author = "{Van Cleve}, Lois and Elizabeth Bossert and Pauline Beecroft and Kathleen Adlard and Alvarez, {Ofelia A} and Savedra, {Marilyn C.}",
year = "2004",
month = "1",
day = "1",
language = "English",
volume = "53",
pages = "1--10",
journal = "Nursing Research",
issn = "0029-6562",
publisher = "Lippincott Williams and Wilkins",
number = "1",

}

TY - JOUR

T1 - The pain experience of children with leukemia during the first year after diagnosis

AU - Van Cleve, Lois

AU - Bossert, Elizabeth

AU - Beecroft, Pauline

AU - Adlard, Kathleen

AU - Alvarez, Ofelia A

AU - Savedra, Marilyn C.

PY - 2004/1/1

Y1 - 2004/1/1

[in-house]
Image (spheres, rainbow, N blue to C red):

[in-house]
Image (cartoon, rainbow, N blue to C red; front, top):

N2 - Background: Children with cancer experience pain related to the disease process, the treatment, and the associated procedures. For children with leukemia, the pain experienced after diagnosis has received scant attention. Objective: To examine the pain experience, management strategies, and outcomes during the first year after the diagnosis of acute leukemia. Methods: A longitudinal descriptive approach was used to collect data at seven data points from 95 English- and Spanish-speaking children, ages 4 to 17 years, receiving care in one of three southern California hospitals, and from their English-and Spanish-speaking parents. Age-appropriate instruments were used to examine the variables of pain intensity, location, pattern over time, and quality, as well as strategies for managing pain, perceived effectiveness of management strategies, and functional status. Results: All the children reported pain over the course of the year. Pain intensity scores incorporated the full range of possible responses. For the children 4 to 7 years old, the highest and lowest mean scores, respectively, were 2 and 1.6 (scale, 0-4). For the children 8 to 17 years old, the highest and lowest mean scores, respectively, were 50.1 and 39.5 (scale, 0-100). The most common location of pain was the legs (26.5%) in all seven interviews. Other frequently noted sites were the abdomen (16.6%), head/neck (16.6%), and back (14.2%). The words used most frequently by the older English- and Spanish-speaking children to describe pain were "uncomfortable" (incómodo) and "annoying" (molesto). According to the interviews, the most frequently used strategy for pain management was stressor modification (e.g., medication, sleep, hot/cold, and massage). The most common coping strategies according to a Likert scale rating were "watch TV" (n = 426), "lie down" (n = 421), "wish for it to go away" (n = 417), and "tell my mother or father" (n = 416). The pain intensity scores after pain management were significantly lower for the younger children in three of the seven interviews and for the older children in all seven interviews. For both the younger and older children, functional status (i.e., the ability to engage in routine activities) was above the median score at the seven interviews. Conclusions: Children with leukemia experience pain throughout the first year of treatment. In this study, the pain was responsive to the management strategies used by the parents and children.